From the western MIC.....No chance. 

Leopard 1 was probably as close as we've ever got.

It amused me to see @Wicky post the Ontos in response to an earlier comment.....Look how well loved that (& The Scorpion) was by its crews.

 

Edited by Sgt.Squarehead
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Just showing it had been tried - and below US is still dabbling in light mobile big guns with 105 Humvees.

Hadn't it been replaced by more tank like Sheriden

Still in some parts of the world cheapy Technical gun trucks can be pesky (and disposable) 

Maybe the answer is like the Ruskies have self-propelled mortar systems (so not in direct line of return fire) - and if used with precision laser designated rounds... 

 

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Why don't USMC take a closer look at project Griffin 2 ? Light tank within ~ 30 tons, firepower of M1 tank and excellent cross-country ability in difficult terrain. The same Chinese already have an analogue in form of TYPE15, in Russia Sprut-S is still being developed and it seems that Indians are looking closely at this light tank.

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Interesting article.      Especially the amount of ammo carried:  "The standard ammunition carriage is 1,980 rounds specifically for the automatic rifleman split across 22 30-round magazines, although 40-round and 60-round magazines are being tested. This compares to the typical 3 200-round belts, or 1,800 rounds per fire team, that were standard with the M249 (depending on the mission)."

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https://www.youtube.com/watch?v=ORTP3a7fErM&feature=youtu.be

Interesting comments made that the then Soviet leader was thinking back in the 60's that tanks were becoming redundant and stopped all heavy tank development.

I guess this is a topic that will keep popping up as technology changes.

BTW if you have not seen these Tank Chats from the Museum they are well worth the watch and subscribe to help keep them going during these tough times.

Edited by Holien
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4 hours ago, Holien said:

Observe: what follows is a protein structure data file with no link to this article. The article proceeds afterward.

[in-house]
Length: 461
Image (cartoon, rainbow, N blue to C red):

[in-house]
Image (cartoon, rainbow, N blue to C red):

stopped all heavy tank development.

My understanding is that all modern tanks are described as "medium".  So, perhaps that merely signaled the end of tank evolution.

FYI:  Cost of a Javelin system approx $200K.  Cost of an M1 approx $6.2M.  So one can make about 31 Javs for one M1A1. 

Logistics and speed of projection of power is also a major factor.  M1A1 weighs about 67 tons.  Javelin system weighs about 43 pounds.   So one can transport almost 3,500 Javs or one M1A1.  

The main advantage to tank production these days is possibly that a lot more folks are employed in making a tank than a Javelin ATGM, and there already has been a massive investment in plant and machinery.  So, the mil-industrial complex loves manufacturing this sort of complex and very profitable equipment (as well as carriers and submarines) as a large amount of profit also comes from after sales maintenance.  

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An infantry support gun has been needed since, well, they've been around. The WWII 75mm and 150mm Regimental Cannon were gradually superseded by the various SPGs to tote those big 150mm's. 

Today? Well, thinking in naval terms, I like the idea of a land-monitor. ;)  I envision a support vehicle, in US terms, to aid the mounted infantry. There are some very good breech-loading 120mm mortars, in turrets. They are capable of direct fire (flat trajectory) and indirect fire with precision. Toss them on a Stryker or a Brad (or its replacement), add some vertical launch Javelin-ERs (a six pack?), and put 3 or 4 vehicles in the company support platoon. Allocate them to the maneuver platoons as needed, one support vehicle available per maneuver platoon (?).